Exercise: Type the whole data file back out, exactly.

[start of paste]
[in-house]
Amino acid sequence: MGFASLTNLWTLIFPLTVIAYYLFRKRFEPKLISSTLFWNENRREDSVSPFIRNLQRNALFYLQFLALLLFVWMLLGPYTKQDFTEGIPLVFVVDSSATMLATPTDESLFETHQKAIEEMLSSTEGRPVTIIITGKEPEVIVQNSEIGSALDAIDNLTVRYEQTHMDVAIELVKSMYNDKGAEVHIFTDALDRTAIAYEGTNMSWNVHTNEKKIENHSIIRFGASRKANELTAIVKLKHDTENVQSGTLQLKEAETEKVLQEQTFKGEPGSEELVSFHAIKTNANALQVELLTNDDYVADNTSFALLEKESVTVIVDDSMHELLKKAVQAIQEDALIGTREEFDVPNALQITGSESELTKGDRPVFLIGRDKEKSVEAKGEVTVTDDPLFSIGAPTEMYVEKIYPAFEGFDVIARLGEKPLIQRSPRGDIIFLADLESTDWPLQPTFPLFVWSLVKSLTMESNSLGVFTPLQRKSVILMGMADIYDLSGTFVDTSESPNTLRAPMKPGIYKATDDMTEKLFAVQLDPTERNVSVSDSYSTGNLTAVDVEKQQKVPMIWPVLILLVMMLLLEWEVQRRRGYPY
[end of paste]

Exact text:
[in-house]
Amino acid sequence: MGFASLTNLWTLIFPLTVIAYYLFRKRFEPKLISSTLFWNENRREDSVSPFIRNLQRNALFYLQFLALLLFVWMLLGPYTKQDFTEGIPLVFVVDSSATMLATPTDESLFETHQKAIEEMLSSTEGRPVTIIITGKEPEVIVQNSEIGSALDAIDNLTVRYEQTHMDVAIELVKSMYNDKGAEVHIFTDALDRTAIAYEGTNMSWNVHTNEKKIENHSIIRFGASRKANELTAIVKLKHDTENVQSGTLQLKEAETEKVLQEQTFKGEPGSEELVSFHAIKTNANALQVELLTNDDYVADNTSFALLEKESVTVIVDDSMHELLKKAVQAIQEDALIGTREEFDVPNALQITGSESELTKGDRPVFLIGRDKEKSVEAKGEVTVTDDPLFSIGAPTEMYVEKIYPAFEGFDVIARLGEKPLIQRSPRGDIIFLADLESTDWPLQPTFPLFVWSLVKSLTMESNSLGVFTPLQRKSVILMGMADIYDLSGTFVDTSESPNTLRAPMKPGIYKATDDMTEKLFAVQLDPTERNVSVSDSYSTGNLTAVDVEKQQKVPMIWPVLILLVMMLLLEWEVQRRRGYPY